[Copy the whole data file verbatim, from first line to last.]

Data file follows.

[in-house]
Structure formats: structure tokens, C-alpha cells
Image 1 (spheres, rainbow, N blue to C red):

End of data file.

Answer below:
[in-house]
Structure formats: structure tokens, C-alpha cells
Image 1 (spheres, rainbow, N blue to C red):